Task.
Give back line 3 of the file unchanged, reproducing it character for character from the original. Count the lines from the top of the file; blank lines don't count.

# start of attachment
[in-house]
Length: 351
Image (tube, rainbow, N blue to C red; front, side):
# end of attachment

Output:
Image (tube, rainbow, N blue to C red; front, side):